Today the newest version of Ubuntu, my operating system of choice, was released. Codenamed Gutsy Gibbon, it’s the most beautiful, polished and accessible OS I’ve used. What is Ubuntu? Simply put, it’s an open source operating system (think a replacement for Windows or OS X) that is shaped by a desire for a free, easy to use and robust environment to work, play and live with.
I switched from Windows a couple years ago and haven’t looked back. Ubuntu is better in all the ways that matter to me, and it’s entirely free. Millions of us across the world happily use Ubuntu daily for all our computing needs and breathe easier to be free of the confines of Apple and Microsoft products that just can’t compare to the software produced by the vast open source community.
Applications for Ubuntu (and Linux in general) are of tremendous quality and are usually freely, quickly and easily available. In fact, if something I need to do isn’t available with Ubuntu out of the box, a few clicks and a couple minutes with have the program I need running. The ease of use is above and beyond anything in the proprietary software market.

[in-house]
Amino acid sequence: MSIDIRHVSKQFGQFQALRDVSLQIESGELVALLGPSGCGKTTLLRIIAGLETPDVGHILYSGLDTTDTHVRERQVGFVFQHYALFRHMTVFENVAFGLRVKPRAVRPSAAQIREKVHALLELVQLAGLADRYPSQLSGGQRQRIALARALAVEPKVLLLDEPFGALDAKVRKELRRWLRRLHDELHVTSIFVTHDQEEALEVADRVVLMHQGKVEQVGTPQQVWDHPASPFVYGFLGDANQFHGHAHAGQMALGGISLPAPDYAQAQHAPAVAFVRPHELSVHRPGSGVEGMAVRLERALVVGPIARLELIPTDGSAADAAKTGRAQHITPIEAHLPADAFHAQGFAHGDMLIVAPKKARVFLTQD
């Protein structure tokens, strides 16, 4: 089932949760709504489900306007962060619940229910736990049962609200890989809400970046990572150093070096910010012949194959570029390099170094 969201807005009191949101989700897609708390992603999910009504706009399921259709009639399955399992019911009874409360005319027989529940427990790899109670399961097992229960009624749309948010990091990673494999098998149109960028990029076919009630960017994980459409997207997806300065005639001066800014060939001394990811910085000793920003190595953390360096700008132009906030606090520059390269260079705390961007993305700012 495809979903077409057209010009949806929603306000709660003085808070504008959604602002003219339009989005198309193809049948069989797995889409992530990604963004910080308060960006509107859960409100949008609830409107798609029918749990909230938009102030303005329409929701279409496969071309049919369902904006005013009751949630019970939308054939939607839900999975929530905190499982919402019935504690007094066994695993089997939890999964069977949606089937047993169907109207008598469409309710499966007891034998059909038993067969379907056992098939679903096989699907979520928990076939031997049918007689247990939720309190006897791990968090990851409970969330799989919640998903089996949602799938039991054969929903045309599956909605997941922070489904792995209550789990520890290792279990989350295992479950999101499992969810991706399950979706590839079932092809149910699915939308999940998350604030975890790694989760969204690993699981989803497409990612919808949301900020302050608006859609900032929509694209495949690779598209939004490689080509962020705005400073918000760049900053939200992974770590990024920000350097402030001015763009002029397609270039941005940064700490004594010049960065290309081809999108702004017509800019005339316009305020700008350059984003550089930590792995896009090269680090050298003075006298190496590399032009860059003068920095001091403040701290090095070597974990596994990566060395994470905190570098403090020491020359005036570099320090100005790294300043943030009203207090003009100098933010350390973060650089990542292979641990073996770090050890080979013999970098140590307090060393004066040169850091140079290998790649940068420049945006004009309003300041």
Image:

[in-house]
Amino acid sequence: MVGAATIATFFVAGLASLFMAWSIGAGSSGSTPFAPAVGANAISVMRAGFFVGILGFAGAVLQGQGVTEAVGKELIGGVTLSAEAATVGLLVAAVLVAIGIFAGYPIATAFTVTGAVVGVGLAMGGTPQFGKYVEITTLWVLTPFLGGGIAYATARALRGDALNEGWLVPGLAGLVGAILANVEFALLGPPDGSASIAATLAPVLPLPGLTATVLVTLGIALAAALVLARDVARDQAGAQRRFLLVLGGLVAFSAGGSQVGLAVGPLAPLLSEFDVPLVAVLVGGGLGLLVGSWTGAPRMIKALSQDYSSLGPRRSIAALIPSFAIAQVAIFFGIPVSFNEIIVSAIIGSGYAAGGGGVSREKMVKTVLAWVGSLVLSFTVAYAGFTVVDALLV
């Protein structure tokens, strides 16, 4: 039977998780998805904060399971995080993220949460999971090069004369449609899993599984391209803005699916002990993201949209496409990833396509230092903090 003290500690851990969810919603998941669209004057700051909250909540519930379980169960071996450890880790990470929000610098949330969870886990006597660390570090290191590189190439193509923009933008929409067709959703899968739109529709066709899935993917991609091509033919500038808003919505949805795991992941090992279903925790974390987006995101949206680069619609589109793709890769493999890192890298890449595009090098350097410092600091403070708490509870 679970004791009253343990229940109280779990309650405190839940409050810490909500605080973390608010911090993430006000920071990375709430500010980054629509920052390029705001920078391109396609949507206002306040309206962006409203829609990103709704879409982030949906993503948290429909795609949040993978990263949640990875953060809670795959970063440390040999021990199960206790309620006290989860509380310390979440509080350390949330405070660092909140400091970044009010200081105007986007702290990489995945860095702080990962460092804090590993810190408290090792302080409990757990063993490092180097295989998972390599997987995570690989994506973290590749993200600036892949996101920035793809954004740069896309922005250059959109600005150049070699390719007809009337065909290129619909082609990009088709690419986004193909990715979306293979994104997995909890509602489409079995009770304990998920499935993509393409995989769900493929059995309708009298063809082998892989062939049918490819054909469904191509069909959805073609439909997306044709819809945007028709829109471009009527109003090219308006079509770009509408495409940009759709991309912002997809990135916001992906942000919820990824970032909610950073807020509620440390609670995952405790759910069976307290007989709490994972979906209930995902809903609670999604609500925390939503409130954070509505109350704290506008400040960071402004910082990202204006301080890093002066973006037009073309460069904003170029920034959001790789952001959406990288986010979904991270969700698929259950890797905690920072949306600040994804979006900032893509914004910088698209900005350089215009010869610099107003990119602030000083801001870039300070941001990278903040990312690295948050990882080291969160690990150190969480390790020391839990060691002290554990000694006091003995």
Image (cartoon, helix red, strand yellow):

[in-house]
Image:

Many folk have picked up on the wonders of Ubuntu lately. Wired champions it as accessible, while Boing Boing calls it “easy, sexy“. There even arises a degree of OS jealousy when many Windows and Mac users see just how slick Ubuntu is. The good news is that all it takes to get Ubuntu up and running on your computer is one CD (either downloaded or ordered by mail), and you can even try it out before doing anything at all permanent to your computer. Or you could buy a computer with Ubuntu installed from Dell.